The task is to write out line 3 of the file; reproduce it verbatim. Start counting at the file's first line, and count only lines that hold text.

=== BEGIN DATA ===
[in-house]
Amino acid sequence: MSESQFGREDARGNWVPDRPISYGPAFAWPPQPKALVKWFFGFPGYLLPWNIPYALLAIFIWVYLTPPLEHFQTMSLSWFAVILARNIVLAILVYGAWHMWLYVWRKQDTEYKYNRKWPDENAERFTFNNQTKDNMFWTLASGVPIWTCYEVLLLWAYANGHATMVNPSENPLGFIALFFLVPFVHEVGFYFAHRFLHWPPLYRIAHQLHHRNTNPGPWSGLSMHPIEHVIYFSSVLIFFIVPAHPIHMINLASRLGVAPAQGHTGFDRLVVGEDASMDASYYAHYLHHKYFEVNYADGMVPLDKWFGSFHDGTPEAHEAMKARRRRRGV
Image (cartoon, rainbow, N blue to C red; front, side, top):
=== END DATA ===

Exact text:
Image (cartoon, rainbow, N blue to C red; front, side, top):